Now obviously the idea that how one “is supposed to” dress and behave and think because is what they have between the legs is at least as old as Hesiod, though most likely older, but saying that “it’s the right way to believe because it’s a traditional way to believe” is logically unsound. By that logic, well, it’s traditional to hold women as chattel so therefore we “should”.

The fact of the matter is, while undeniable that Mary Daly’s own thoughts on the subjects of ecofeminism and feminist spirituality helped bring these topics into discourse as we know it, she used this position as a pioneer to push her own essentialist and anti-male, anti-man, anti-masculine agenda, which many people now feel has no place in progressive discourse. She painted spirituality and gender in terms of black-and-white when what truly exists are varying greys and even colours. She was a casual racist who ignored the voices of non-“white” women — and a kook who truly believed that humanity’s, and indeed the entire planet Earth’s only true salvation was in phasing out the male sex.

Progress will not mourn Mary Daly, and Progress will eventually learn to pity her memory and those who cling to her now-useless and all-too-often counter-productive ideals. I’m convinced that her time and place was to be nothing more than the “squeaky wheel” that called attention to certain progresses by being an educated kook, and so once that spotlight shifted into position and lingered, her time had passed.

Edited to add:
I just wanted to add a link here to this awesome post on Daly and feminism from the Genderbitch blog on WordPress.com. She and those she quotes sum up the perspective of TS women on Mary Daly better than I could. Even a trans guy is quoted.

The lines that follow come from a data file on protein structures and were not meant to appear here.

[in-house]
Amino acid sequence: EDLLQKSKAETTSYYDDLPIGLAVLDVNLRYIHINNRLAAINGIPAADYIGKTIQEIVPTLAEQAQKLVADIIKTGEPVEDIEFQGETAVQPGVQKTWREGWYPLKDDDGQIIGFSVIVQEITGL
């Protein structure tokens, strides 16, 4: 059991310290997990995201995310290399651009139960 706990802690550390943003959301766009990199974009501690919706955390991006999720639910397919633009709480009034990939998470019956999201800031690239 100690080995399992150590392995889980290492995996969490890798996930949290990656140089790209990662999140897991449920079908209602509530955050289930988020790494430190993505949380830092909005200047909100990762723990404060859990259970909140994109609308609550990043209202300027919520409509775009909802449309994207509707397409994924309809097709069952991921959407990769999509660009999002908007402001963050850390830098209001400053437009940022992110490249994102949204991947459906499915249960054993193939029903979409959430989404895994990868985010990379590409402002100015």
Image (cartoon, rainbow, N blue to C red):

I’m also going to say that a lot of my Daly research is fairly recent; before this last few days, most of what i knew about her was second-hand from two TS women pagans I know who seem to hold Daly personally responsible for the gender essentialism that continues to permeate pagan and polytheist circles — and the “uterine supremacy” that seems to outright deny sacred masculine, sacred androgyny, or anything else in-between. Some of the most pious polytheists I know are TS/TG, genderqueer and/or “genderfucked” (I use both of these terms pretty loosely and broadly, for the sake of keeping this edit shorter), or completely devoid of any internal sense of gender identity. Many polytheistic recons I know are women especially devoted to masculine Deities or men especially devoted to feminine deities. Furthermore, Hellenic polytheism specifically has no shortage of “androgynous” deities (Athene is often considered “hard Butch” and Adonis is practically “bishounen” — just as two ready examples), and the ancient cults of Kybele, Hermaphroditos and, less well-known, Aphroditos (— or “The Bearded Aphrodite” who is “masculine above the waist and feminine below” [link to source later — trust me, google is your friend]) have mythologies that rely heavily on a transformation from one apparent sex to another. Personally, I feel that gender-essentialist ideals such as those spouted by and inspired by the words of Mary Daly have no place within this beautiful religion.

About Ruadhán McElroy